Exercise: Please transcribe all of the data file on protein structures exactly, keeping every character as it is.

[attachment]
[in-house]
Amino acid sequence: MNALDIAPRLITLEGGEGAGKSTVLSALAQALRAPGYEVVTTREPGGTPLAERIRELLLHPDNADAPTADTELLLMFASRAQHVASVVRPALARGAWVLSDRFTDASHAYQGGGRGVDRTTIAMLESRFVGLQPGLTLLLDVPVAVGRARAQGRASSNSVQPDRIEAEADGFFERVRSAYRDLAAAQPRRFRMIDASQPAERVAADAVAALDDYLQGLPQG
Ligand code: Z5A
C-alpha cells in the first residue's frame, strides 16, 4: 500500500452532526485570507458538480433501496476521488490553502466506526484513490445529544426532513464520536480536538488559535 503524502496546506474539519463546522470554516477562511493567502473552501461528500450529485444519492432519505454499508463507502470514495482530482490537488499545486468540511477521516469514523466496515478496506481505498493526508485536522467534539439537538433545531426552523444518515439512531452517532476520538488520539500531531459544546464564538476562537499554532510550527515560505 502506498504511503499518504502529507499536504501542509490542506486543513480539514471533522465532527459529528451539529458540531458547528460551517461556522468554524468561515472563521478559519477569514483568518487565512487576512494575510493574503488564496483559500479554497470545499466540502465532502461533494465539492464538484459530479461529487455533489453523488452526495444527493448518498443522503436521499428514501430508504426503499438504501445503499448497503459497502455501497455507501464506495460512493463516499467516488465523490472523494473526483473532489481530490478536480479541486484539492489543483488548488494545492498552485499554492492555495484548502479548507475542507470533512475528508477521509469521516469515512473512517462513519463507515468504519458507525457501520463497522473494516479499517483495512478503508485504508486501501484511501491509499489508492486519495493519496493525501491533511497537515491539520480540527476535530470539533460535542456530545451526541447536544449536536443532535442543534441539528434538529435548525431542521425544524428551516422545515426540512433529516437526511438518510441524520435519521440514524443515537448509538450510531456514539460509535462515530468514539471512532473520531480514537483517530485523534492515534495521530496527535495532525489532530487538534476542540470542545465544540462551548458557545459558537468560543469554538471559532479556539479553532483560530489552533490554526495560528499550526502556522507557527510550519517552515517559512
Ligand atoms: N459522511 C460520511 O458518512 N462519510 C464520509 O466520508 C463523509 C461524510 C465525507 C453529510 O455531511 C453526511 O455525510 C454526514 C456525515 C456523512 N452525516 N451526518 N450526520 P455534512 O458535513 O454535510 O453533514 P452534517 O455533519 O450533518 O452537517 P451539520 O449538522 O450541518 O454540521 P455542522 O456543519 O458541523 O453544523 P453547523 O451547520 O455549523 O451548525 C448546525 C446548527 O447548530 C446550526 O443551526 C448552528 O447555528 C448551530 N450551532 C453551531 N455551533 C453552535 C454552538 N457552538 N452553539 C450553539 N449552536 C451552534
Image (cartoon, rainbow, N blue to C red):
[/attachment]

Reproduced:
[in-house]
Amino acid sequence: MNALDIAPRLITLEGGEGAGKSTVLSALAQALRAPGYEVVTTREPGGTPLAERIRELLLHPDNADAPTADTELLLMFASRAQHVASVVRPALARGAWVLSDRFTDASHAYQGGGRGVDRTTIAMLESRFVGLQPGLTLLLDVPVAVGRARAQGRASSNSVQPDRIEAEADGFFERVRSAYRDLAAAQPRRFRMIDASQPAERVAADAVAALDDYLQGLPQG
Ligand code: Z5A
C-alpha cells in the first residue's frame, strides 16, 4: 500500500452532526485570507458538480433501496476521488490553502466506526484513490445529544426532513464520536480536538488559535 503524502496546506474539519463546522470554516477562511493567502473552501461528500450529485444519492432519505454499508463507502470514495482530482490537488499545486468540511477521516469514523466496515478496506481505498493526508485536522467534539439537538433545531426552523444518515439512531452517532476520538488520539500531531459544546464564538476562537499554532510550527515560505 502506498504511503499518504502529507499536504501542509490542506486543513480539514471533522465532527459529528451539529458540531458547528460551517461556522468554524468561515472563521478559519477569514483568518487565512487576512494575510493574503488564496483559500479554497470545499466540502465532502461533494465539492464538484459530479461529487455533489453523488452526495444527493448518498443522503436521499428514501430508504426503499438504501445503499448497503459497502455501497455507501464506495460512493463516499467516488465523490472523494473526483473532489481530490478536480479541486484539492489543483488548488494545492498552485499554492492555495484548502479548507475542507470533512475528508477521509469521516469515512473512517462513519463507515468504519458507525457501520463497522473494516479499517483495512478503508485504508486501501484511501491509499489508492486519495493519496493525501491533511497537515491539520480540527476535530470539533460535542456530545451526541447536544449536536443532535442543534441539528434538529435548525431542521425544524428551516422545515426540512433529516437526511438518510441524520435519521440514524443515537448509538450510531456514539460509535462515530468514539471512532473520531480514537483517530485523534492515534495521530496527535495532525489532530487538534476542540470542545465544540462551548458557545459558537468560543469554538471559532479556539479553532483560530489552533490554526495560528499550526502556522507557527510550519517552515517559512
Ligand atoms: N459522511 C460520511 O458518512 N462519510 C464520509 O466520508 C463523509 C461524510 C465525507 C453529510 O455531511 C453526511 O455525510 C454526514 C456525515 C456523512 N452525516 N451526518 N450526520 P455534512 O458535513 O454535510 O453533514 P452534517 O455533519 O450533518 O452537517 P451539520 O449538522 O450541518 O454540521 P455542522 O456543519 O458541523 O453544523 P453547523 O451547520 O455549523 O451548525 C448546525 C446548527 O447548530 C446550526 O443551526 C448552528 O447555528 C448551530 N450551532 C453551531 N455551533 C453552535 C454552538 N457552538 N452553539 C450553539 N449552536 C451552534
Image (cartoon, rainbow, N blue to C red):